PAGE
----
As to whether any amount or quality of marketing support would have turned that around — I don’t think anything could have turned JC into a $100M opening weekend. Could it have achieved $50m instead of the $31m it did get — yes, probably. Would that have been enough to get a sequel — no, probably not. 50m opening, 150m domestic, 300 m foreign — 450m worldwide — that doesn’t get a sequel for a 250m film. But it wouldn’t have been THE BIGGEST FLOP IN CINEMA HISTORY . . . . .

  • At this point I’ll just always remain thankful that we got A Princess of Mars, even though Stantonized, which will stand the test of time as a classic in it’s own right, in spite of Disney’s efforts to make it go away. Seems like our dreams of a near-term sequel are probably just that… Not that I’ll ever quit hoping!

  • Here’s my “theory”:

    When Disney acquired rights to JC, they were on the cusp of buying the Star Wars franchise. JC – and potentially the rest of the ERB universe was a franchise target for Disney that quickly dropped to “back-up” when SW dropped onto the table.
    ERB, Inc., was not (probably never) going to sell outright.
    Wholly-owned already-proven franchise vs licensed, un-proven franchise. Easy to see which direction to go.
    At that point, there was no point in ramping up JC as it was never going to become a franchise at Disney; SW & Marvel were more than enough and didn’t really step on each other, while JC/Barsoom could potentially step on Marvel and SW (it has both superhero and SF elements), so the studio either actively worked to kill JC (take the write-down, negatively impact any other studio wanting to continue) or benignly neglected the once shining star in favor of the much larger, more shiny star that is/was Star Wars.

    I favor the former: JC was actively sabotaged because doing so offered the opportunity to “sour” other studios on ERB products (especially those not Tarzan), thus diminishing competition for other Disney product.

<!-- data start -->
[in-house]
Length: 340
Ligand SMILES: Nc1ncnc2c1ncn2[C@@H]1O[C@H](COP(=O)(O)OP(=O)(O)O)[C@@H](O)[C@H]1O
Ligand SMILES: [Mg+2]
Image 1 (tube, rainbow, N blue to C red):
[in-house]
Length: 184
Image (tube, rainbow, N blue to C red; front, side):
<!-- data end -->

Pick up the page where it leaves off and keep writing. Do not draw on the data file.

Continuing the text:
But it could just be that the wind went out of the interest sails at the top once everyone started saying “we own Star Wars (who needs that independent licensed product?)”

    Please note: none of the foregoing in any way changes my opinion that even IF JC had received the kind of marketing support evidenced for Jungle Book, it would have been successful; it wouldn’t have been because it was a bad movie. Disney’s question might really have been very close to “do we put another five thousand into the old clunker, or do we buy a new car?”

    Besides: how much did JC cost? How much did Lucasfilm cost? There’s your answer right there.

  • Barnes left out one thing:

    –Not having to deal with a raging egotist who forced the marketing team to keep his film vague in the marketing to “preserve the mystery.”

    Sometimes that helps.

    As for ” the perspective of acquiring new fans and perpetuating the legacy of Edgar Rice Burroughs, having a thriving Disney John Carter franchise with all the elements described above for Jungle Book (instead of the ruin and wreckage we were left with) would have been a good thing” that seems doubtful. I saw one loser on the IMDB board diss the books but loved the movie while on the Legend of Tarzan board there’s been one guy who thought it was OK for Stanton to trash ERB and John Carter of Mars in interviews but bothersome when Zack Snyder did the same with Superman. His excuse? He liked John Carter and had one poster defend him by reminding me this guy never read the books. So instead of creating new fans all it did was create more sad Stantonites who can’t stand it when someone doesn’t bow before the great god and admit ERB was a hack and his work poor. So yeah good riddance because if that’s what we-the old ERB fans-had to look forward to then be thankful Stanton’s film failed.

  • Yes, and when you see the Legend of Tarzan marketing next to that… and Legend of Tarzan isn’t even as pushed forward as other WB properties as Batman v Superman, Suicide Squad and Fantastic Beasts… Warner does what it takes, no more, no less, and the marketing campaign is 100% more effective than what Disney did with John Carter. A shame, really, and that lingering feeling that if Disney had done what was necessary, we would perhaps have already seen Gods of Mars as of now… Sigh.